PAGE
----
Thursday, January 15, 2015

Turning 60 and claiming my consecration discount

Celebrating January birthdays in the Samaritan's Purse communications department: Ron Pettit, Randy Bishop, blinking me, and Nora Gaylord.
     As of Sunday, January 18, Kevin Costner and I became consecration bargains. It's our 60th birthday. 
     The Bible says in Leviticus 27 that a man's consecration vow costs 50 shekels from age 20 to 60, but only 15 shekels after he turns 60. More on that in a moment. 
     When I reach milestones in my life, I like to look for corresponding landmarks in the Bible. 
     When Jesus was about thirty, he began his public ministry by turning water into wine at a wedding in Cana. On my 30th birthday, my family treated me like an old man and made me ride a wheelchair into a McDonald's birthday party in Greenville.
     Forty years was the time Israel wandered in the wilderness before entering the Promised Land. Later, "the country was quiet for forty years in the days of Gideon"a refreshing thought on godly leadership from Judges 8:28. I spent my 40th birthday reporting from Clemson's Littlejohn Coliseum, where Bob Sura of Florida State hit a last-second three-pointer to beat Rick Barnes' "Slab Five," the upstarts who had won at Duke the week before and driven 47-year-old Coach K into a sabbatical.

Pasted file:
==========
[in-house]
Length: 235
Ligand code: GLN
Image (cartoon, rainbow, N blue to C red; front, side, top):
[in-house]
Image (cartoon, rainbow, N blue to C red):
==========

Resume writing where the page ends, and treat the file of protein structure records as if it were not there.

I turned 50 in Sri Lanka, on assignment with Samaritan's Purse following the terrible Indian Ocean tsunami. During that trip I found this nugget in Numbers 8:25: "and at the age of fifty years they must cease performing this work, and they shall work no more." That verse refers specifically to Levites, not journalists, but it does challenge anyone who says retirement is not in the Bible.
     Now I'm 60 and thinking more about consecration than celebration. I'm not even sure what a consecration vow involves, and I'm sure I've never paid for it. I'm not wrapped up in the old-covenant laws of Leviticus, which forbid barbecue and bacon, among other things. I believe that's covered in the new covenant of Jesus, who has fulfilled the law and pre-paid for my consecration, among other things.
     Consecrated means set apart, or made pure. It doesn't come cheap—under either covenant. Assuming the shekel of the sanctuary equaled a typical month's wages, my consecration vow at 59 would cost over four years of earnings. Since turning 60, I get a 35-month senior citizen discount.
     One other Bible passage mentions sixty years. 1 Timothy 5:9 says, "Do not let a widow under sixty years old be taken into the number, and not unless she has been the wife of one man."
     It's good to know Mary will need me around for at least a little while longer. 

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